MAILBOX: Motion Sensors?

Beginner
Motion sensor light switch
Is this motion-sensor light switch appropriate for your home?

Jeff Siegel’s letter on “Automatic Energy Savings” (“Mailbox” in HP159) raises expectations too high for room-occupancy sensor switches. To do their job, these switches must have heat or motion and light sensors, plus a decision-making circuit. Parasitic energy consumption for various switches runs between 0.9 and 5.2 watts—just for the switch. That’s as much as 3.7 kWh a month wasted on having a sensor acting as your electricity nanny. It’s cheaper just to use LED lights and hope you remember to turn them off more than half the time.

Worse, most light switches are wired to the AC “hot” leg only, with no “neutral” present in the switch-box. That means the switch must be designed to either pass a nonstop small current to the load, or else to allow a “load” current in the equipment ground wire, which used to be a safety violation.

Jeff wrote a letter, not a full article, so there was no space to distinguish between switches that are “manual, on/auto, off” and the “auto on/auto off” type. There was no room to discuss the value of prime-time energy savings versus off-peak consumption. The whole question is way too complicated to allow a simple answer. My preference is to skip the sensor switches: “It’s better manually!”

Joel Chinkes • Photon Harvest Company

Comments (4)

David Mackiewicz's picture

I am completely off grid and far, far away from any street lighting. So, to make it easy to walk from my car to the house, I have added battery powered LED with motion sensors. The batteries last months between charges. These motion sensor lights are only about $10 at CostCo.

Michael Welch's picture

Interesting. What brand and model number are you using?

rdhoore108's picture

Motion sensors are great in halls and corridors. The light goes on as soon as you enter, and goes off after a while when you leave it. Yes, they consume power, that should be clear. So they are used for comfort, not for saving on electricity. They also add to security, since they make it clear to potential burglars that someone is home. My family members are very happy with the automatic lights, and also guests love it.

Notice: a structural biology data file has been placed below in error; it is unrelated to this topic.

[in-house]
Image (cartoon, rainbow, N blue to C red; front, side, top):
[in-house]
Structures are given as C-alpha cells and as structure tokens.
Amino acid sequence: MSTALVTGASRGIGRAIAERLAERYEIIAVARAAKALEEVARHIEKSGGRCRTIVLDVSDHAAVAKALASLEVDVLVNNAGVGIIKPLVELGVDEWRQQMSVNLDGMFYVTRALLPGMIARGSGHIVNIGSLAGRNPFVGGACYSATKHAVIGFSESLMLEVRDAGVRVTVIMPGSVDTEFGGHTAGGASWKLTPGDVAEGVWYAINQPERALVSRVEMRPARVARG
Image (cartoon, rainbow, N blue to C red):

And actually, I'm not even sure if my present setup uses more electricity than before. When there were two traditional switches in my stairwell, one upstairs and one downstairs, the LED lamps would always stay on very dimly, even when the light was switched off, due to impedance on the wires. Then I replaced the switches with motion sensors, and needed only one phase wire, one switched wire, and one neutral between the floors. Since then, the LED lights are really off when no one is around. I have never tried to measure the watts consumed by the previous "ghost light" though, so maybe I'm just trying to pacify my conscience :)

Michael Welch's picture

Yes, thanks for that. You are correct, and it is a matter of personal priority. Like hundreds of things in life, we sacrifice some energy for convenience. For example, we do it on a larger, more important scale every time we decide to drive our car to the store instead of riding a bike. Rare, practically nonexistent, is the American who does not use energy strictly for convenience.

I am not an electrician, so I don't really understand why your lights were dim when they should have been off, but it seems something was wrong -- that there should not be any energy flowing to them.

But it was important for us to set the record straight on the energy costs of using motion sensor switches.

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